The nonprofit Commission on Presidential Debates, established in 1987, uses a stock, reconfigurable stage design, a kit of sober-looking parts, for each of its nationally televised events. Monday night this portable backdrop was reassembled inside Hofstra University's David S. Mack Sports and Exhibition Complex in Hempstead, N.Y.: blue carpet with a ring of white stars; wide desk for the moderator, Lester Holt of NBC News; and a blue lectern for each of the candidates positioned in front of a handwritten section of the Declaration of Independence, so that phrases like "it is the Right of the People," capital R, capital P, hovered over the shoulders of Hillary Clinton and Donald Trump.
A large cutout of an eagle with a banner in its mouth reading "The Union and the Constitution Forever," which serves as the unofficial seal of the CPD, was hanging over the middle of the stage.
The most striking element of the design was what it was missing: a sense of the crowd, its energy and reactions, and most significant of all — given the way this race has unfolded — what it did and didn't give itself permission to laugh, smile or cringe at as the night wore on.
The Trump and Clinton camps negotiated nearly every detail of the event — including, reportedly, the temperature of the auditorium — but cheering and audience-reaction shots were off the table, though a bit of applause and some shouts of support, for each candidate, did sneak in near the end.
This enforced quiet, a staple of CPD debates, suited Clinton just fine. She can look at sea in a less formal or unpredictable setting. One of her most effective moments came when she noted that Trump "just criticized me for preparing for this debate. And yes, I did. You know what else I prepared for? I prepared to be president. And I think that's a good thing."
If preparation is her brand, this was a good place to advertise it, on a stage that came entirely prepackaged, appointed with patriotic ready-mades.
And it was not necessarily a bad arrangement for Trump. It gave him a chance to look more statesmanlike than he normally does, to appeal to viewers who may have been turned off by the raucous, carnival-like atmosphere that prevails at many of his rallies.
But let's be honest: The raucous, carnival-like atmosphere that prevails at many of his rallies is precisely what has given his unorthodox candidacy its momentum. This is not just because he's buoyed by the often raw and visceral enthusiasm of his audiences. It's also because he relies on the crowd to make his version of speechmaking work.
Trump can go right up to the line of saying something offensive or racially crude but not actually say it, or say all of it. His crowds know what he means, whether the topic is "2nd Amendment people" or "my African American over there"; they fill in the rest of the unspoken thought, the part even Trump dares not say out loud, with their roars.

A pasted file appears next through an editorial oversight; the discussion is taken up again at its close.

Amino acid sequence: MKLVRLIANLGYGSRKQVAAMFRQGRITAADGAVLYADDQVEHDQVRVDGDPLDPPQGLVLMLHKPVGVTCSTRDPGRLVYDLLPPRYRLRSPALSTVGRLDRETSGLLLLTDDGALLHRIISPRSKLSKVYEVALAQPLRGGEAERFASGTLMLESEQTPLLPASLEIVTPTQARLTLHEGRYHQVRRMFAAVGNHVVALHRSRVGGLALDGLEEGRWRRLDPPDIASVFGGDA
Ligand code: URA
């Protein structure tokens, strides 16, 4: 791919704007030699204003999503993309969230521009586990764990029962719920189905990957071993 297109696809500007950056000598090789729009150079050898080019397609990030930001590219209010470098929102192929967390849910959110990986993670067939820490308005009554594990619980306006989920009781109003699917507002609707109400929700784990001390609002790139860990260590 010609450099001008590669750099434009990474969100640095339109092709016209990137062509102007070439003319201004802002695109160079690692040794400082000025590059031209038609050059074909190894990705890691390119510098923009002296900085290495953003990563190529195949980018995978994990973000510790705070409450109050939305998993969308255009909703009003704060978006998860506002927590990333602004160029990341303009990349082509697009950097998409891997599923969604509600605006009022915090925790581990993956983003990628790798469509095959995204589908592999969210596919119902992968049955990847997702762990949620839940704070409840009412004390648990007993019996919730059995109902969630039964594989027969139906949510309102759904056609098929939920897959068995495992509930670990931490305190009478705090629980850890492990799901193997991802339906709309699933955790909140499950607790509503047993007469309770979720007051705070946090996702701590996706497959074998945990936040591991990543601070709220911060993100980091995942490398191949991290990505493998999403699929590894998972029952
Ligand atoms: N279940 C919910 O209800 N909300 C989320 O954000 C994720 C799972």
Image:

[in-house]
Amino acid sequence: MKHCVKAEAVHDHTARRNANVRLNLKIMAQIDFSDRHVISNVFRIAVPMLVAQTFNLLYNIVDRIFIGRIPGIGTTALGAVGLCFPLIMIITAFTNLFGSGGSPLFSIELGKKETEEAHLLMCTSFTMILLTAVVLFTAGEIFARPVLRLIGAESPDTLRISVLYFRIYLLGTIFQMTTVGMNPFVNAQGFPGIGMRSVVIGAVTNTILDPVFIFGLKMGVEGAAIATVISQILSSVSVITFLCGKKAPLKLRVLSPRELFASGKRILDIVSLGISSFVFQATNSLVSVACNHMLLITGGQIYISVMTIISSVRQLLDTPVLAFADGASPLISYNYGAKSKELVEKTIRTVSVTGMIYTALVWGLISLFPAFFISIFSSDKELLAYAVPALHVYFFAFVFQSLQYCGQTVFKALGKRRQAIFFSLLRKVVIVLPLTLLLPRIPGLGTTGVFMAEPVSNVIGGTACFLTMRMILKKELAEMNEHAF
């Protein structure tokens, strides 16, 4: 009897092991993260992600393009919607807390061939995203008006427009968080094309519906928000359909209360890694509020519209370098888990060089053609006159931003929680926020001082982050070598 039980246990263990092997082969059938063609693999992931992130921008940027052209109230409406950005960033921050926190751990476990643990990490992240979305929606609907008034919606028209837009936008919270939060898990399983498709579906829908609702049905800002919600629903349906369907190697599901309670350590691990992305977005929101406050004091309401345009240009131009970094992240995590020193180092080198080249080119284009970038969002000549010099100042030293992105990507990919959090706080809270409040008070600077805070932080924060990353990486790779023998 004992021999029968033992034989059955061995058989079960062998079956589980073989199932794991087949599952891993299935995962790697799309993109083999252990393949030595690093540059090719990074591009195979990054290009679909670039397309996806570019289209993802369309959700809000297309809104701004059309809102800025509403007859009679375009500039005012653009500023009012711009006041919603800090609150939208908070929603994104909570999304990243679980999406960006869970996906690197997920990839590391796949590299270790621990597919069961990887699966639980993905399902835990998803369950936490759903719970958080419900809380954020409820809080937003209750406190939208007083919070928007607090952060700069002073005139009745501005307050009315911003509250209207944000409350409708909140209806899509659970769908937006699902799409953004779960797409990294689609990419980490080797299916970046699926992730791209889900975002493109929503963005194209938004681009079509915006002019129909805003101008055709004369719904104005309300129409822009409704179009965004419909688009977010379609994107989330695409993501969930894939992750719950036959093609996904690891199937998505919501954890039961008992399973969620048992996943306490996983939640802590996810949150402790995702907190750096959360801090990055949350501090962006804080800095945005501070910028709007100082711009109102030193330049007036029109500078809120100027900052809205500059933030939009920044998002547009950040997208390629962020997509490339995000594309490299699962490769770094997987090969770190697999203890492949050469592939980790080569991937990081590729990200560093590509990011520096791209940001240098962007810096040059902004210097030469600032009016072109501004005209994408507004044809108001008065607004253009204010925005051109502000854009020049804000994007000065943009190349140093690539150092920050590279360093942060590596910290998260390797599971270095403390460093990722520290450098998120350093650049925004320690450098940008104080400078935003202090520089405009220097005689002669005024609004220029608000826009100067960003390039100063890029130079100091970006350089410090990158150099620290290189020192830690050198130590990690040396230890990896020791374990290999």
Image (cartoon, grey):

It is this give and take with an audience that can seem eager to hear him say things that presidential candidates normally don't say that lends Trump's campaign stops not just aural but physical, spatial volume. When he chides news crews for not swiveling their cameras around to show the crowds gathered to hear him speak, he is not just trying to brag about the size of the turnout; he is also trying to make his events double-sided, to incorporate the audience into the layout of the rally, into the images that make their way onto the airwaves and the Internet and into newspapers.
Clinton rallies don't have this quality. I'm not sure any modern presidential rallies have had this quality. The crowd plays the part of Trump's id.
There were a couple of moments when the Hofstra auditorium expanded on TV just enough to suggest the audience's presence. Holt admonished the crowd at least once to stay quiet. At other times, on the station I was watching, the cameras turned to frame him, sitting against a pitch-black and cavernous backdrop. You couldn't see the audience, but you could tell it was there, and you could almost hear it breathe.
In sticking with its format and not showing any members of the crowd, the CPD gave this year's first debate an added layer of tension it may not have intended to. The pasts of both candidates are unusually crowded with ghosts and the political version of D-list celebrities. Trump mused on Twitter about inviting Gennifer Flowers, a specter from the Bill Clinton presidency, to Hofstra. Clinton supporters countered by mentioning both of Trump's ex-wives.
Four years ago, I don't remember wondering who from Barack Obama's or Mitt Romney's past might show up embarrassingly at the first debate, or more generally thinking about whether the stage set-up enabled or closed off the relationship between the candidates and the audience.
Monday night was different. This race is different. It has run far hotter than most, stirring up emotions about race, gender and civility that are not typically part of a national campaign.
The Hofstra set design created a tightly sealed container, keeping the most extreme versions of those emotions off-stage. But there are two debates left. We'll see how well the vacuum holds.